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Article: Edmund New: Illustrator

Edmund New: Illustrator

Edmund H. New (1871-1931) was born in Worcestershire. He studied at the Birmingham Municipal School of Art under Edward R. Taylor and Arthur Gaskin. By the 1890s, New established himself as a successful illustrator of the Arts and Crafts movement. He specialized in pen and ink drawings of rural and urban landscapes, old buildings and architecture, and also designed bookplates.

After meeting with English designer and Arts & Crafts figurehead William Morris in 1895, New was asked to illustrate Morris's two-volume biography, as well as design for the famous Kelmscott Press. This propelled his career to new heights, and between 1896 and 1914, New provided hundreds of illustrations for over 50 books, including illustrations and cover art for the famous English Illustrated Magazine. He was commissioned by the Bodley Head publishing house to work on critically acclaimed limited editions of books, such as The Natural History of Selborne by Gilbert White and The Compleat Angler by Izaak Walton, which we currently have in our Colorado shop. 

Like many others in the Arts & Crafts movement, New believed in the importance of creating beautiful, well-made objects that could be used in everyday life, and that were produced in a way that allowed their makers to remain connected both with their end product and its starting material. New looked to the past, particularly the medieval period, for inspiration in his book illustration and design. He experimented with illustrations that mimicked the look of early woodcuts and wood engravings, with shading that looked like cross hatching. The influence of the Arts & Crafts aesthetic can be seen in his illustrations for The Compleat Angler, especially in his shading techniques, scrolling banners, historiated letters and drop caps, and his attentiveness to architectural elements.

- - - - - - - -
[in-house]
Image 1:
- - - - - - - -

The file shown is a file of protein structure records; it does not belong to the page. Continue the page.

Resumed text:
In 1905, New moved to Oxford where he started work on a series of drawings of the University of Oxford colleges. The drawings were engraved by Emery Walker and sold as the "New Loggan Prints." He also provided further illustrations for a series of books called the "College monographs." In 1921, New exhibited at the first exhibition of the Society of Graphic Art in London.

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